As an artist-in-residence at the Bowdoin Scientific Station on Kent Island last summer, I worked primarily with oil paints. About 15 people—mostly biologists—lived and worked on the remote island in the Bay of Fundy for nine weeks, and visitors came and went throughout the summer.
Each piece displayed was done on site and at the mercy of the weather and the tide. Conditions on Kent Island can change drastically within a half hour, and the Bay of Fundy tides are known for being the highest in the world. The first two pieces I completed, of the Warden’s House and the Tree Swallow box in the north field, show my attempt to capture iconic images of the island. As the summer progressed, I became less focused on form and more interested in representing people and places on the island through color and brushstroke. I sought to capture the atmosphere of the shire (as we called it), a wooded sanctuary on the island that was a study site for Leach’s Storm-petrels. I was struck by the harmonious placement of the trees among the ferns in there, and I chose a narrow, enclosed format and explored the relationship between the colors of the ferns and the trees. Though I did not paint the water for the first part of the summer, in the second month I grappled with representing the ocean, both at high and low tides. Finally, I used other students as models as they worked on their own projects—Lisa is entering data on her laptop, and Nate, the other artist, is sketching me as I paint him.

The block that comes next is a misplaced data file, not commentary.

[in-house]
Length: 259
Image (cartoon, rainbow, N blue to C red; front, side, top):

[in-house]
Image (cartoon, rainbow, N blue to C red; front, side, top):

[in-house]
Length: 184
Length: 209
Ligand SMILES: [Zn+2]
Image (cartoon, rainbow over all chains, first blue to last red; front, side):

I am enormously grateful to Bowdoin Scientific Station for providing the grant which enabled me to explore painting en plein air and experience the beauty and simplicity life on Kent Island.